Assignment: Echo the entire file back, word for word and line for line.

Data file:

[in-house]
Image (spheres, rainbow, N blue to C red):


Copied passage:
[in-house]
Image (spheres, rainbow, N blue to C red):